Some nights, one gazes up at the stars, and thinks about philosophy. Who are we? What is the meaning of life? What is reality? What are manifolds *really*?

This morning, I looked at Poincaré’s original definition in Papers on Topology: Analysis Situs and Its Five Supplements, translated by John Stillwell. His original definition was pretty-much that a manifold is a quotient of by a properly discontinuous group action, that group being his original fundamental group. Implicitly, his smooth, PL, and topological categories were all the same thing (indeed true for 1-manifolds, and for dimensions 2 and 3 PL and smooth categories still “coincide” in a sense that can be made fully precise); nowadays we understand that the situation is more subtle. But I’m still not sure that I understand what a manifold is- what it *really* is.

In some non-mathematical, philosophical (theological?) sense, I believe that both smooth and PL manifolds actually *exist*, in the sense that natural numbers exist, and tangles exist. Our clumsy formal definitions are attempts at describing something that is actually out there, as the Peano axioms describe the natural numbers. I also believe that Physics is a guide to Mathematics, because things that really exist might also be observed… so ideas from Physics (topological invariants defined by means of path integrals) ought to be taken very seriously, and it is my irrational belief that these will eventually turn out to be the most fundamental invariants in some precise mathematical sense.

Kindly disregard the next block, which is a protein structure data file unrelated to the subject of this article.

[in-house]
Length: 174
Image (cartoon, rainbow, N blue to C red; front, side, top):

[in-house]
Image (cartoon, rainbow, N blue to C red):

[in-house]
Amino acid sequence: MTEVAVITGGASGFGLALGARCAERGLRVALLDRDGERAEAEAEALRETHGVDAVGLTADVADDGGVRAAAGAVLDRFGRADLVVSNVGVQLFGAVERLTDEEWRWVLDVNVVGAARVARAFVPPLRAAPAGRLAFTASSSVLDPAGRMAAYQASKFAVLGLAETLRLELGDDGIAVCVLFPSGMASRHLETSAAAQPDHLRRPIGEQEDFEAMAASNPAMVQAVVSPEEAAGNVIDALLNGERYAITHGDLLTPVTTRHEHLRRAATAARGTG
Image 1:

It is fascinating to me, then, that input from physics seems to be leading towards a fundamental rethink of the basic definitions of smooth and PL manifolds. I feel like we had some sub-optimal definitions, which we worked with for sociological reasons (definitions are made by people, and people are not perfect), and maybe in the not too distant future there will be a chance to put more convenient definitions in place. Maybe the real world (physics) will force it on us. Let me tell you, then, about some of the papers I’ve been (casually) flicking through recently (the one I’m most excited about is Kirillov’s *On piecewise linear cell decompositions*). (more…)